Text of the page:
Why Are Medicare and Commercial Insurance Spending Weakly Correlated? | Page 2
Published Online: January 20, 2014
Laurence C. Baker, PhD; M. Kate Bundorf, PhD; and Daniel P. Kessler, JD, PhD
Table 1 presents the enrollee-weighted and unweighted means and standard deviations of the variables that we analyzed. These descriptive statistics reflect the well-known properties of Medicare and private insurance area variation. There is considerable variation across areas in Medicare spending, even after adjusting for differences in prices.9 Spending per enrollee in the MarketScan data is much lower, reflecting the much lower hospital admissions rate in the nonelderly population. The enrollee-weighted means of the Medicare and MarketScan price indices are both 1 by construction.
Total spending per enrollee in MarketScan is slightly less variable across areas than total spending per enrollee in Medicare; the ratio of the standard deviation to the mean is 0.159, compared with 0.181 in Medicare. But the portion of this variation due to variation in prices is much greater in MarketScan than Medicare; the standard deviation of the MarketScan price index is 0.179 compared with 0.129 in Medicare, which is consistent with previous work.10 This is reflected in the fact that the standard deviation across areas of the price markup over the wage index is 3 times greater in MarketScan.
Table 2 presents the correlation between Medicare and MarketScan total spending, quantities, and prices (P values for the null hypothesis of zero correlation are in parentheses). Total spending is weakly positively correlated (r = 0.1135, P = .0473), but quantity, as measured by price-adjusted spending, is very strongly positively correlated (r = 0.6467, P <.0001). This finding is consistent with the previous literature, which finds strong positive correlations between the rates of use of particular services in the elderly and nonelderly populations. It is also consistent with the hypothesis that physicians develop a single practice style that they use for patients of different ages and insurance statuses. Medicare and MarketScan prices are also strongly positively correlated (r = 0.4476, P <.0001). This rejection of the hypothesis that the prices paid by Medicare are weakly (or even inversely) correlated with the prices paid by private insurers suggests that another factor is responsible for the weak correlation between Medicare and MarketScan total spending.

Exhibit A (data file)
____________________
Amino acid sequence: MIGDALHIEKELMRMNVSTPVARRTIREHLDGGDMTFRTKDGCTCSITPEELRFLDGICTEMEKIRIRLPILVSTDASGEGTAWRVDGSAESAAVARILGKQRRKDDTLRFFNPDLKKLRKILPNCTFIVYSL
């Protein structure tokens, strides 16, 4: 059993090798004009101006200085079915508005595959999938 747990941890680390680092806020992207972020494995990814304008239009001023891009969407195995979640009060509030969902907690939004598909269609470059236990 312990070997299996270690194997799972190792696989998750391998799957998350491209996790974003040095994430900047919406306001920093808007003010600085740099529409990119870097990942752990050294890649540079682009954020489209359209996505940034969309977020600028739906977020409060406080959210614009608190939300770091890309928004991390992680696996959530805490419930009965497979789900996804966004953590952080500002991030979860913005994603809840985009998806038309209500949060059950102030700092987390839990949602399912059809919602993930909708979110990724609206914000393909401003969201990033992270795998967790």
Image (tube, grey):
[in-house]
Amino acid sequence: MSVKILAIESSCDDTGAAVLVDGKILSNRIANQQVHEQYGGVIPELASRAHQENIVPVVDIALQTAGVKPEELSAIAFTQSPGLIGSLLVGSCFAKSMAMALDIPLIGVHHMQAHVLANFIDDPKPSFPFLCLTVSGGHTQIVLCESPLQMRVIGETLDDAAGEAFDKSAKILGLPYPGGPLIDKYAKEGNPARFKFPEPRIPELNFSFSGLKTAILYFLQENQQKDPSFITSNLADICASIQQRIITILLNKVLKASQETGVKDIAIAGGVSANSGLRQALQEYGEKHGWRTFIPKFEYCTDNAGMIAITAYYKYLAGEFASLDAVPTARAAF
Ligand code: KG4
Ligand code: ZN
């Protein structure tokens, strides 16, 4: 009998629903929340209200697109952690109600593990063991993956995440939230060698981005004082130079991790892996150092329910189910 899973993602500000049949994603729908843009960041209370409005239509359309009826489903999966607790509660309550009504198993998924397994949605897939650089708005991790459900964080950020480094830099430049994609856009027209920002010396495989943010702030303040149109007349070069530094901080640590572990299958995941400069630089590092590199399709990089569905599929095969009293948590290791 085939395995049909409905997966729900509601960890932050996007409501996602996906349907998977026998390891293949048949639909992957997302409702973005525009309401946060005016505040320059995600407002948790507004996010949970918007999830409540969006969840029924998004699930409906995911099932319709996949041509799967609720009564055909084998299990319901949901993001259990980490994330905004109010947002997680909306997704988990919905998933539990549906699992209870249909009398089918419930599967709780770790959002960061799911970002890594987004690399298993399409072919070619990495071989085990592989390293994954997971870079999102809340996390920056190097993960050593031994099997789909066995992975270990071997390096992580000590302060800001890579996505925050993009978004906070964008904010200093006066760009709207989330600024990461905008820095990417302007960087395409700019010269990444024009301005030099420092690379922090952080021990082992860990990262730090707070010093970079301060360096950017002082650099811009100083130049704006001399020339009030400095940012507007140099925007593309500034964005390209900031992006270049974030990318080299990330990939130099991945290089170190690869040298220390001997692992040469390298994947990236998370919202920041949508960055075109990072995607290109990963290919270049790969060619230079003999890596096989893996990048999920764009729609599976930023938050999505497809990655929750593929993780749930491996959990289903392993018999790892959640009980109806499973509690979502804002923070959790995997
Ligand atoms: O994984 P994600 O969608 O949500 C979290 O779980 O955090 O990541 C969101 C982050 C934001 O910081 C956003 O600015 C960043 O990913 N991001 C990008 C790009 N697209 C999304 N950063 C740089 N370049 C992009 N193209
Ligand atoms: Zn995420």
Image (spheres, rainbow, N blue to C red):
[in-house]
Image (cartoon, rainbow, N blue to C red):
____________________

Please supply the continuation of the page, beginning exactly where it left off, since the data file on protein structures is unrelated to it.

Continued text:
Instead, according to Table 2, the weak correlation between sectors’ total spending is due to the negative correlation between each sector’s price and the other’s quantity. In other words, Medicare volume is low where private prices are high (r = –0.4324), and MarketScan volume is low where Medicare prices are high (r = –0.3748). Mathematically, this is what is causing the weak correlation between Medicare and MarketScan total spending. (If Medicare spending is the product of prices a and quantities b, and MarketScan spending is the product of prices c and quantities d, then Cov(ab, cd) ≈ w1Cov(a,c) + w2Cov(a,d) + w3Cov(b,c) + w4Cov(b,d), where w1...w4 are weights.11) This is consistent with a wide volume of literature that finds that price reductions in Medicare induce increases in private volume.12